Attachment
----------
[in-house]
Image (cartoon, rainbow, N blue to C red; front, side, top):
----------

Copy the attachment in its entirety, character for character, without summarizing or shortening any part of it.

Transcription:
[in-house]
Image (cartoon, rainbow, N blue to C red; front, side, top):